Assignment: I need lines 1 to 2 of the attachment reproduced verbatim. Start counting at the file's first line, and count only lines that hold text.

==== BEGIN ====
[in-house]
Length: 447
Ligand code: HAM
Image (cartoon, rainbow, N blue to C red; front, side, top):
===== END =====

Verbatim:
[in-house]
Length: 447